We found that join rates were 25% higher amongst those who saw the branded invitation. Even more importantly, the join rate was 31% higher amongst those hard-to-reach people with investable assets of $500,000 or more.

branded recruit
We also asked “how often would you be willing to participate in online discussions and/or surveys with this type of community?” Fascinatingly, those exposed to the branded invitation were significantly more likely to be willing to participate more often.

brand invitation

 
Clearly, being upfront about who you are and what you want is vital to the success and vitality of your community.

Give your community members something they will benefit from

There is a common assumption that people join communities to earn money or at least have the chance to win a draw. But that’s not entirely true. In fact, paying people to participate in research has very little effect.

In “Incentives in Web Studies: Methodological Issues and a Review,”(1) Göritz conducted a meta-analysis of the effectiveness of incentives. She concluded “material incentives increase response and decrease drop-out” but “the combined effect of incentives on response and retention is still small.”

She also reminded readers that “using material incentives is only one option to influence data quality and quantity. We should not forget about other possibly response-enhancing techniques such as personalization, pre-notification, deadlines, reminders, offering result summaries and altruistic appeal.”

This meta-analysis reveals that adding incentives does make a difference to response rate, but it has a pretty modest effect.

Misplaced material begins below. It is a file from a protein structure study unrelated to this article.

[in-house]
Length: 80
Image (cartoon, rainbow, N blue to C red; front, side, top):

We did some of our own testing on the effects of incentives on members of our market communities and found that paying out $1 for completing a short survey vs. paying them fifty cents had no impact on the response rate. Across a test of 153 studies we found the response rate at a dollar was 30% and at fifty cents it as 31%.

It seems that what people value is not really the honorarium. So, what do they value? Let’s return to our affluent investors for a clue. In that study, we found that join rates and participation are motivated by a thirst for knowledge first and monetary incentives a distant second.

We conducted a TUR(f) analysis to determine the maximum reach of appeal. This analysis is aimed to identify the optimal combination of incentives that produce the greatest “reach” or appeal, meaning that it captures the greatest number of investors.

On its own, offering to give people “exclusive learning materials about investment products or strategies” was the most effective tool for attracting affluent investors. The second biggest driver of willingness to join was the “ability to win cash prizes for each activity that I partake in,” but it was a distant second.